NASCAR: What is the ‘formula’ and why is it used?

Chase Briscoe, Stewart-Haas Racing, NASCAR (Photo by Sean Gardner/Getty Images)
Chase Briscoe, Stewart-Haas Racing, NASCAR (Photo by Sean Gardner/Getty Images) /

Rain at Atlanta Motor Speedway made the 2022 season the third NASCAR Cup Series season to see the starting lineup formula put into effect.

The weather forecast for this past Friday, the opening day of the first NASCAR Cup Series race weekend at Atlanta Motor Speedway since the track was repaved and reconfigured, was never looking super promising.

And inclement weather did indeed play a role in altering the schedule early on.

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Friday was initially set to see a Cup Series practice session at the newly repaved and reconfigured four-turn, 1.54-mile (2.478-kilometer) high-banked oval in Hampton, Georgia, but storms prevented that from happening.

As a result, practice was moved from Friday to Saturday, and NASCAR canceled the qualifying session, which was initially scheduled for Saturday afternoon.

So the qualifying formula made its return and set another starting lineup. But what, exactly, is the formula, and why is it used?

After NASCAR returned from an unexpected 10-week hiatus caused by COVID-19-related restrictions in the 2020 season, practice and qualifying sessions were largely abandoned.

NASCAR began setting the starting lineups by random draws among several groups of drivers based on the point standings.

But later that year, they went to a less luck-based approach by creating a starting lineup formula. In 2021, when practice and qualifying sessions were still sparse, the usage of that formula continued on a regular basis.

That formula includes the following four (for full-time drivers, three) variables.

  • Rank in owner standings: 35%
  • Finish in previous race (driver): 25%
  • Finish in previous race (car owner): 25%
    • NOTE: For full-time drivers, these two 25% categories are effectively one category of 50%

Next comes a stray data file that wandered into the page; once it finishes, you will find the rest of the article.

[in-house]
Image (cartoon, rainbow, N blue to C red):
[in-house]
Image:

• Rank of driver’s fastest lap in previous race: 15%

The lowest result is considered the best while the highest is considered the worst, and the drivers line up based on those numbers.

With practice and qualifying returning on a full-time basis in 2022, the formula was naturally tucked away. However, it has still been used on a weekly basis, as NASCAR has found an alternate way to use it.

The very same formula is now used to determine the qualifying order. However, instead of the driver with the lowest number going out first, the driver with the highest number goes out first. So the order is basically flipped from what it would be if the formula was still setting the starting lineups.

But in a case like we saw earlier this weekend with qualifying canceled, the formula made a return to its roots and set the starting lineup as opposed to the qualifying order, just like it did throughout the latter part of the 2020 season and then again throughout the 2021 season.

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As a result of the formula, Stewart-Haas Racing’s Chase Briscoe is set to start Sunday afternoon’s Folds of Honor QuikTrip 500 from the pole position behind the wheel of his #14 Ford (Full starting lineup available here). Tune in to Fox at 3:00 p.m. ET for the live broadcast of the race from Atlanta Motor Speedway. Start your free trial of FuboTV today and don’t miss it!